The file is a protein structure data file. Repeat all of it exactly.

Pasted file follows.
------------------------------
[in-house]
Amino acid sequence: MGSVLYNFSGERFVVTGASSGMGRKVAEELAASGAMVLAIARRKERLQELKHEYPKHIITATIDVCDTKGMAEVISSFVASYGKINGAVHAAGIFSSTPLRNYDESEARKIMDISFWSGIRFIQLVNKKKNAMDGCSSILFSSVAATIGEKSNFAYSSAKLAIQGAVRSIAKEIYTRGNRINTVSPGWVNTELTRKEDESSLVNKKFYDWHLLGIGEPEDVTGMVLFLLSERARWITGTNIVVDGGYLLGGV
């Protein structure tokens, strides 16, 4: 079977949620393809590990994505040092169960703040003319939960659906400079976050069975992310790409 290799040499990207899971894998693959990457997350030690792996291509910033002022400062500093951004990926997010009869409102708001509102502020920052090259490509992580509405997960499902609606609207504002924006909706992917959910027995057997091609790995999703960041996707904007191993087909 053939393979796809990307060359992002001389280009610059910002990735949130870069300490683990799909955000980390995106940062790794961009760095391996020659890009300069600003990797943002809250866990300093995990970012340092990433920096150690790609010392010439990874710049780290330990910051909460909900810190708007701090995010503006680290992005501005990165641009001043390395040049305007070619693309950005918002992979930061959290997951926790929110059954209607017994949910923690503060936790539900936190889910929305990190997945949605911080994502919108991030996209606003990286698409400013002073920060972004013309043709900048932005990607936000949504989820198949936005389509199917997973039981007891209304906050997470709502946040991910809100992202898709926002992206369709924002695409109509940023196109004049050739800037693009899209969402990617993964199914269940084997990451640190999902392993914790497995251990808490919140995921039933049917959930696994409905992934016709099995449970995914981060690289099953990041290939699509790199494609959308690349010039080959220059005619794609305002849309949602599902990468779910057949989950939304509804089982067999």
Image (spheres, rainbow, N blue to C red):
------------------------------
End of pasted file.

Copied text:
[in-house]
Amino acid sequence: MGSVLYNFSGERFVVTGASSGMGRKVAEELAASGAMVLAIARRKERLQELKHEYPKHIITATIDVCDTKGMAEVISSFVASYGKINGAVHAAGIFSSTPLRNYDESEARKIMDISFWSGIRFIQLVNKKKNAMDGCSSILFSSVAATIGEKSNFAYSSAKLAIQGAVRSIAKEIYTRGNRINTVSPGWVNTELTRKEDESSLVNKKFYDWHLLGIGEPEDVTGMVLFLLSERARWITGTNIVVDGGYLLGGV
């Protein structure tokens, strides 16, 4: 079977949620393809590990994505040092169960703040003319939960659906400079976050069975992310790409 290799040499990207899971894998693959990457997350030690792996291509910033002022400062500093951004990926997010009869409102708001509102502020920052090259490509992580509405997960499902609606609207504002924006909706992917959910027995057997091609790995999703960041996707904007191993087909 053939393979796809990307060359992002001389280009610059910002990735949130870069300490683990799909955000980390995106940062790794961009760095391996020659890009300069600003990797943002809250866990300093995990970012340092990433920096150690790609010392010439990874710049780290330990910051909460909900810190708007701090995010503006680290992005501005990165641009001043390395040049305007070619693309950005918002992979930061959290997951926790929110059954209607017994949910923690503060936790539900936190889910929305990190997945949605911080994502919108991030996209606003990286698409400013002073920060972004013309043709900048932005990607936000949504989820198949936005389509199917997973039981007891209304906050997470709502946040991910809100992202898709926002992206369709924002695409109509940023196109004049050739800037693009899209969402990617993964199914269940084997990451640190999902392993914790497995251990808490919140995921039933049917959930696994409905992934016709099995449970995914981060690289099953990041290939699509790199494609959308690349010039080959220059005619794609305002849309949602599902990468779910057949989950939304509804089982067999």
Image (spheres, rainbow, N blue to C red):